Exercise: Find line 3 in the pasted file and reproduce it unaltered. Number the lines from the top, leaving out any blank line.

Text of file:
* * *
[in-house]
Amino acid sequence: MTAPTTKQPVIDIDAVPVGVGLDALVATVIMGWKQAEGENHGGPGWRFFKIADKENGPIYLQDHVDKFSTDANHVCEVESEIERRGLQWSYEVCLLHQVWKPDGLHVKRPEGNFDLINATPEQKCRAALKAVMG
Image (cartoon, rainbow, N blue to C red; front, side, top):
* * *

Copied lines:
Image (cartoon, rainbow, N blue to C red; front, side, top):